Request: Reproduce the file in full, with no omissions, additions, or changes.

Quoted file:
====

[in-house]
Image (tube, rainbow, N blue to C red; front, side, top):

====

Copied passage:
[in-house]
Image (tube, rainbow, N blue to C red; front, side, top):